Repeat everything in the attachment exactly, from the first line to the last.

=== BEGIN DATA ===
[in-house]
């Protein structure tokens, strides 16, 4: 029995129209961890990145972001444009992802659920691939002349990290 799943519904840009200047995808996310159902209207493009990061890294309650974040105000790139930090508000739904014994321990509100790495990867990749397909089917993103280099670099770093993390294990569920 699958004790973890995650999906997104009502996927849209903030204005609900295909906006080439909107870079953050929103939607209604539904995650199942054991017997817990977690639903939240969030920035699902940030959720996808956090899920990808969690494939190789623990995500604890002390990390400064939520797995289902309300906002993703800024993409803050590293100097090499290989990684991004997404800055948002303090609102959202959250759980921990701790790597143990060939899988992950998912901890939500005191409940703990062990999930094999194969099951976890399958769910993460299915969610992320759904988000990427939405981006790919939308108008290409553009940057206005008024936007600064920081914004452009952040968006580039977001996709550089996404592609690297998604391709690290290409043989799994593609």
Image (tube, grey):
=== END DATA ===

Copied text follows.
[in-house]
């Protein structure tokens, strides 16, 4: 029995129209961890990145972001444009992802659920691939002349990290 799943519904840009200047995808996310159902209207493009990061890294309650974040105000790139930090508000739904014994321990509100790495990867990749397909089917993103280099670099770093993390294990569920 699958004790973890995650999906997104009502996927849209903030204005609900295909906006080439909107870079953050929103939607209604539904995650199942054991017997817990977690639903939240969030920035699902940030959720996808956090899920990808969690494939190789623990995500604890002390990390400064939520797995289902309300906002993703800024993409803050590293100097090499290989990684991004997404800055948002303090609102959202959250759980921990701790790597143990060939899988992950998912901890939500005191409940703990062990999930094999194969099951976890399958769910993460299915969610992320759904988000990427939405981006790919939308108008290409553009940057206005008024936007600064920081914004452009952040968006580039977001996709550089996404592609690297998604391709690290290409043989799994593609």
Image (tube, grey):